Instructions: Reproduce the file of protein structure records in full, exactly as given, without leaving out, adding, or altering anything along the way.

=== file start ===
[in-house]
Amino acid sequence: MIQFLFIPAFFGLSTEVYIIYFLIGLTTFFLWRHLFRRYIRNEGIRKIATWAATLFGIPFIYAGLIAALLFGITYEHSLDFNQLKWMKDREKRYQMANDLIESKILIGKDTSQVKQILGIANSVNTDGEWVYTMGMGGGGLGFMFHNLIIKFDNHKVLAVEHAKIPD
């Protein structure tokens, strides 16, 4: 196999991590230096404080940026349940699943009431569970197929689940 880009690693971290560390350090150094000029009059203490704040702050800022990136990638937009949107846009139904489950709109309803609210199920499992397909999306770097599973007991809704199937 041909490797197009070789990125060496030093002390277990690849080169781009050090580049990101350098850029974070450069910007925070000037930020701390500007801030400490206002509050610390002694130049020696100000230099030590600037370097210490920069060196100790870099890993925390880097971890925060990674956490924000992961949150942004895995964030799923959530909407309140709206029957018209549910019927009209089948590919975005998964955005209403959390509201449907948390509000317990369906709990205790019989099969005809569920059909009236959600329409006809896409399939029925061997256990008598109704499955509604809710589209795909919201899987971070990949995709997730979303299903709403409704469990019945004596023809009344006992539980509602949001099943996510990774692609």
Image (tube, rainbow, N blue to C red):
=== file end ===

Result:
[in-house]
Amino acid sequence: MIQFLFIPAFFGLSTEVYIIYFLIGLTTFFLWRHLFRRYIRNEGIRKIATWAATLFGIPFIYAGLIAALLFGITYEHSLDFNQLKWMKDREKRYQMANDLIESKILIGKDTSQVKQILGIANSVNTDGEWVYTMGMGGGGLGFMFHNLIIKFDNHKVLAVEHAKIPD
């Protein structure tokens, strides 16, 4: 196999991590230096404080940026349940699943009431569970197929689940 880009690693971290560390350090150094000029009059203490704040702050800022990136990638937009949107846009139904489950709109309803609210199920499992397909999306770097599973007991809704199937 041909490797197009070789990125060496030093002390277990690849080169781009050090580049990101350098850029974070450069910007925070000037930020701390500007801030400490206002509050610390002694130049020696100000230099030590600037370097210490920069060196100790870099890993925390880097971890925060990674956490924000992961949150942004895995964030799923959530909407309140709206029957018209549910019927009209089948590919975005998964955005209403959390509201449907948390509000317990369906709990205790019989099969005809569920059909009236959600329409006809896409399939029925061997256990008598109704499955509604809710589209795909919201899987971070990949995709997730979303299903709403409704469990019945004596023809009344006992539980509602949001099943996510990774692609």
Image (tube, rainbow, N blue to C red):